Tasting St. Raphael Quinquina
Let’s talk about Quinquinas.
A few days ago, we mentioned that Cocchi Americano is a quinquina, not a vermouth, and arguably therefore should never have been allowed in our Vermouth Taste-Off tournament. That might have left you with a couple of questions: ‘What exactly is the difference between a vermouth and a quinquina?’ And, ‘Why should I care?’ Well, it all comes down to whether you’re traveling to the tropics or you have a stomach ache.
Let me explain. The difference between vermouth and quinquina lies in the pharmaceutical roots (pun not intended but recognized and allowed to stand) of many of the alcoholic beverages we drink today. From the ancient period (maybe as far back as 1500 BC), through the High Middle Ages, and right up through the Colonial period, many liquors were created and consumed–at least partially–for medicinal purposes. Vermouth, for instance, in its earliest days was simply wine spiked with wormwood (‘wormwood’ is the English and ‘vermouth’ the French for the German vermut). The roots (see what I mean about the pun) and flowers of wormwood were used as a remedy for stomach ailments. Quinquina, on the other hand, was wine spiked with cinchona bark, which we know as quinine; quinine was an early anti-malarial treatment. So, historically speaking, the difference between a vermouth and a quinquina was something like the difference between Zantac and Doxycycline.
Gradually, we moved away from looking at vermouth and quinquinas primarily as medicine, first by recognizing that they weren’t only good for medicine, and secondly by finding more effective medicine. In both stages, taste began to take a more prominent role. More complex herbal mixtures began to be introduced into both drinks. Then, the two drinks started borrowing ideas from one another. Then, even more experimentation with flavors was undertaken. As of today, a vermouth might only contain a very small amount of wormwood, and could conceivably also contain some cinchona–but a cinchona doesn’t contain wormwood. The difference between the two categories is now basically technical: in Europe, to be classified as a vermouth, you must contain at least a little wormwood. Since Cocchi doesn’t, it’s a quinquina. This small and rather wonky remaining distinction between the two is why, in our re-run of the tournament, while we felt it important to make Cocchi Americano face other sweet, white fortified wines, we didn’t find it all that important to differentiate between vermouths and quinquinas.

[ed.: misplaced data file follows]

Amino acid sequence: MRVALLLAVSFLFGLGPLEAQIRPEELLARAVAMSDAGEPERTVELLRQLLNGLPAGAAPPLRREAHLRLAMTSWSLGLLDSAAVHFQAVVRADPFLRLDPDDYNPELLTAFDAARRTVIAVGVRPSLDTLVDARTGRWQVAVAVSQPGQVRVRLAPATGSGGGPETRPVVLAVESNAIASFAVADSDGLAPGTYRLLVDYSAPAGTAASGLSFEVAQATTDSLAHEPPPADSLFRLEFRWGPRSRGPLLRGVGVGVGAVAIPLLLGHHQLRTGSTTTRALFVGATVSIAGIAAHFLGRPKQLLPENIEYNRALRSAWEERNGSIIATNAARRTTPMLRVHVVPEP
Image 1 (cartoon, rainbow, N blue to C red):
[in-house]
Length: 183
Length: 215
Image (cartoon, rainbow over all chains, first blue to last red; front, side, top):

The latest batch of samples we received from our friends at Fasel Shenstone, along with several vermouths we’ve already mentioned, contained a couple of quinquinas as well. They, in fact, are claimed to be the very first quinquinas ever made, in 1830. According to the legend, Dr. Juppet worked so long into the night on a quinine elixir that he could no longer see straight. He called upon the Archangel Raphael for help, regained his sight, and was able to complete his recipe for a quinine infused fortified wine. In gratitude, he named his elixir St. Raphael.
I’d normally be suspicious of a drink’s claims to divine origins, but I have to admit that St. Raphael does indeed taste heavenly. It comes in two varieties, a red and a gold. The red has a red wine base (more remarkable than you might think. Even red vermouths have a white wine base), well-balanced and deeply fruity. To that, they add quinine (of course), citrus peels for some bitterness, and brandy for a kick. The result is a well-balanced, full-bodied but slightly sharp, utterly delightful drink. The gold uses a white wine base, and adds vanilla to the mix. It tastes like an extremely satisfying dessert, when you’re in the mood for something fruity and sweet but not too sweet.
St. Raphael (the aperitif, not the archangel) inspired us to try to recreate one of the more interesting drinks we recently countered, Denson’s Rose is a Rose is a Rose. The whole idea of that drink, of course, is using three different kinds of rose, and St. Raphael is a deep, purple red, not rose. Nonetheless, we thought that it’s flavors would combine well with the other Rose is a Rose ingredients. Thus, our own variation on the Rose is a Rose is a Rose, the Rose is a Rose is a Raphael.
Rose is a Rose is a Raphael Cocktail Recipe
We were inspired by Denson’s Rose is a Rose is a Rose. The ingredients (apart from the Lillet Rose to St. Raphael Rouge swap) are the same. The proportions are of our own making.
- 2 oz dry gin
- 1/2 oz St. Raphael Rouge
- 1/4 oz simple syrup
- 1/4 oz lemon juice
- 1 tsp mezcal
- 1 dash rose water
- 1/4 oz rose wine
- Rinse a cocktail glass with mezcal.
- Combine gin, St. Raphael, simple syrup, lemon juice, and rose water in a mixing glass.
- Fill with ice to the level of the liquid.
- Stir until the ice is noticeably melted.
- Strain into the rinsed cocktail glass.
- Float rose wine on top.